If your Soundaktor is always pumping in simulated sound into your car, how do you know what your car really should sound like? What happens if you end up in a situation where the programmed routine isn’t sufficient for the situation you find yourself in? This constant surge forward to digitize our analog world unfortunately warps our sense of who we are, what we are capable of, and warps the physical world that we live in.
Technology that augments reality and helps us do things better is not always a bad thing and allows us to do things we couldn’t do on our own; however operating in a true analog world is also a skill that is very important to develop, maintain, and is a fundamental part of who we are. This is why it is so important for kids to have play time outside.
It’s why I have a manual lathe, manual mill, and 1940s shaper in the garage, and why I really like driving my Volkswagen Beetle. I guess it is my play time outside.
LH Sparey’s Amateur’s Lathe is on my ‘must read’ list for not only anyone interested in home shop machining, but also anyone interested or studying mechanical or manufacturing engineering. I think that the book is so good that it should be a mandatory part of a first year engineering course.
Even though the publishing of this book is seriously showing its age (the drawings, typing and photographs could be updated in quality), the content is very very good. Sparey approaches the information within the constraint of doing work on one piece of equipment: a small workshop lathe. So many teach that the lathe is only for turning work, such as turning small shafts or bushings.
The reason I like the book so much is because it encourages you to think outside of the box. It helps develop the skill of trying to complete a project using the tools at your disposal. It teaches one of my favorite words: ingenuity. “Ingenuity is the quality of being clever, original, and inventive, often in the process of applying ideas to solve problems or meet challenges. Ingenuity (Ingenium) is the root Latin word for engineering.” Ingenuity is solving a problem within the constraints you are placed in. And remember constraints produce good design.
Ingenuity is the skill we desperately need in engineering. Engineers today are really good at math, but math is only one tool to solve a problem. At some point we have to move from the theoretical to the practical. I remember one of my professors (a mathematician / engineer) jokingly told me that solving the problem is the important part – you can find any idiot to do the math. He was joking, and wasn’t downplaying the importance of mathematics, but rather highlighting the importance of solving the problem.
So if you are a mechanical or manufacturing engineer – read the book to get an interesting insight to what a small bench lathe can really do – while actually learning how to use a lathe. If you are someone working in your shop the book has excellent insight and information to get those machining projects done you think you don’t have enough tools to do.
It’s on Amazon here. Don’t let the bad reviews fool you – you have to read the book and think not just look at the pictures.
The pollution problems facing countries like China are not getting the publicity in the main stream media they deserve. Below is an excellent documentary detailing the problems from a first hand account. The documentary is long – over 1 hour, but I highly recommend you view it – I consider it a must watch. At the very least those involved in making company purchasing decisions for goods coming out of China should review their suppliers.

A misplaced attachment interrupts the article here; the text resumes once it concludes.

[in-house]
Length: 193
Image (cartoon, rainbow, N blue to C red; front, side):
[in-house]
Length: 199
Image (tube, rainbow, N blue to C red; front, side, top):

It’s a bit of a running joke in my mechanical family that you can fix anything with a hammer. We laugh, but seriously, could you live without a good hammer? A hammer is an indispensable tool – I use them every day at work and in the shop. In fact I use multiple hammers in a day.
Here is my favorite hammer that I use in the shop while machining:
Its a zinc cast hammer made by Forest City Castings in Canada. I use this hammer pretty much exclusively while doing setups, and I love it. It’s also the first hammer that I’ve ever used that has instructions on the handle.
All kidding aside, the reason I like this hammer so much is because it is made in Canada at a price that you can afford, and is a quality product. Disclaimer: I have ‘off shore’ tools in my shop and I don’t want to come across as being a hypocrite. The ‘off shore’ tools in my shop are there because I couldn’t find tools made here that were reasonably affordable (new) or in reasonable used condition (used). I would have gladly paid more money for my mini mill if I could get a made in North America one. The reality is if you want a mini mill you don’t have much choice.
Some people say we just can’t compete with countries like China. Companies like Apple routinely tell us that they couldn’t function without countries like China (read we need shareholder value on the back of inexpensive labour and lax environmental laws). I beg to differ because every time I’m setting up in my mill or shaper I’m using my affordable, Canadian made, zinc cast hammer – which is arguably a commodity product. It is made by a great company that is helping its community by providing good, honest jobs. I’m reminded that yes we can effectively manufacturing things here, and yes we can compete with countries like China while treating the worker and environment with the respect and dignity they deserve.
So this hammer is inspiration for me to try and make a difference in the manufacturing world I work and live in. It reminds me everyday that a good product at a reasonable price is possible to be sustainably made right where I live.
If you want one of these hammers, (I think they make them in aluminum and zinc) send me an email and I’ll try to get you one as I don’t think you can purchase them online.